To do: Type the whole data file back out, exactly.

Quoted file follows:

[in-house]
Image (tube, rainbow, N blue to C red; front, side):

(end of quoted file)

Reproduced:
[in-house]
Image (tube, rainbow, N blue to C red; front, side):